It may come as a relief to new mothers to find that celebrity superstar beauty, Olivia Wilde, has a sense of humor when it comes to her body after giving birth to her son 11 months ago. In a recent essay she submitted to Shape magazine, Wilde hilariously compared her body after birth to a pool toy that had been partially deflated.
The former star of the TV show House, and fiance of actor Jason Sudeikis, was inspired to write the essay because she was tired of hearing about how quickly celebrity moms bounce back from their own pregnancies. In the essay, Wilde says that she was not in the most perfect shape after giving birth to her son, Otis. She humorously adds to that, saying that the last time her body was that soft was a period of time when she was in high school, right after she discovered doughnuts and marijuana. Wilde also commented that after birth, she joined the ranks of many other women in wondering why she still looked pregnant. She joked whether or not there may be another baby in her.
Wilde wrote that she did not let self consciousness get in the way of what she wanted to eat post pregnancy, saying that she still enjoyed her beer and pizza. On top of that, her version of partying included long singing sessions of the Itsy Bitsy Spider with her son.
Along with the essay were some pictures, accompanied by some more of Wilde’s commentary. She mentions in an amusing way that the photos had been touched up to show off her best angles, and that she was also thankful for the good lighting in the room. In the end, however, she perhaps best sums up her sentiments with the following simple quote: “The truth is, I’m a mother, and I look like one.”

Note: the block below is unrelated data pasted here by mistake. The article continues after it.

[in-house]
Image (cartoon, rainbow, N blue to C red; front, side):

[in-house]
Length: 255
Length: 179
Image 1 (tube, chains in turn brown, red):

Expectant mothers that are already faced with many pressures find there often comes the added imperative from society to look a certain way in a certain amount of time, after giving birth. This added stress can take those pressures to entirely new levels. A sense of humor about the toll a pregnancy can have on a woman’s body, similar to the one that Wilde has exhibited, could also be of some help in this area, especially when a woman is dealing with the onset of postpartum depression. Postpartum depression is now believed to affect one in every seven pregnant women. It is also believed that laughter and humor, while not a cure-all, can be somewhat of a natural remedy when dealing with postpartum depression. Just the sharing of something funny, or the act of laughing out loud, can naturally help in offsetting some of that depression.
So much has been placed on image and what the ideal woman is supposed to look like. As for Wilde, she believes in a world where women would not feel obligated to lose all signs showing that they were ever pregnant. Wilde put all of the pressures of motherhood aside when she submitted her essay about her body to Shape, and she did it with a sense of humor.
By Alec Rosenberg
Photo by Gage Skidmore – Flickr license